Everyone in America knows about the United States Postal Service (USPS), the friendly people that drive those ugly trucks down the street just to put advertisements in mailboxes. Yet, the Postal Service does much more for the average American. In some ways, it is a symbol of good old American ingenuity. After all, these people go house to house nearly every day, in both the snow and rain, just to deliver seemingly useless paper. Now, those friendly faces that once brightened days may be gone. With the looming fiscal crisis and USPS’s lack of business sense, those white trucks may be coming to an end unless something happens.
That something could, in fact, be one of the farthest things from mail—clothing. While the Postal Service should get its act together, fashion simply is not the way to do it. Although those rain slickers and baseball caps have a certain appeal, they cannot save this dying piece of America. After all, those weatherproof jackets probably will not be made in America and people would not buy them either. Postmen are not exactly the most fashionable people on the planet, and considering that many Americans buy their clothing for fashion rather than function, the Postal Service is going to have a difficult time marketing their brand. As it is, the company cannot get a footing in these rough times.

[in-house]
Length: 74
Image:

Technology has all but erased the need for mail, save for Christmas cards and other things of that nature. People text, email, and Facebook their friends instead of pulling out that trusty pen and paper to write a letter. Although this technology has opened many doors, it is also leading to the destruction of long-standing traditions. Things as simple as addressing an envelope are lost to the younger generations and, although messages in real-time can be useful, nothing can beat a handwritten letter for memories. Letters take time—time to plan, time to write, time to send. All this time gives people a chance to appreciate this dying art. It gives the words more meaning, a meaning that can be lost in the hustle and bustle of everyday life. It takes much more effort to pick up a pen and write than it does to text. This gives each and every handwritten word that much more meaning to both the writer and the reader. However, nowadays, no one has the time to devote to such “frivolous” things. After all, when anyone is little more than a click away, why waste time writing and waiting? This one simple question has led to the fall of one of America’s oldest institutions. The written word is a lost art in modern day terms. Few people still use pen and paper for correspondence on a regular basis. Ten, maybe twenty years from now, mail, and all of its nostalgia will probably be a thing of the past.
The memories are what have kept the Postal Service alive—not their package pickup, free boxes, or the promise of weatherproof clothing. With the speed and insanity of modern life, the Postal Service, in a way, gives people a chance to slow down, even if only for a small part of their day. It provides a connection to people that simply cannot be found in a text message. A return to the days of letters may be a good thing for modern society and the Unites States Postal Service to boot.